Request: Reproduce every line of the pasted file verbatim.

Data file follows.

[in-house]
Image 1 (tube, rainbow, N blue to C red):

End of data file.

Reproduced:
[in-house]
Image 1 (tube, rainbow, N blue to C red):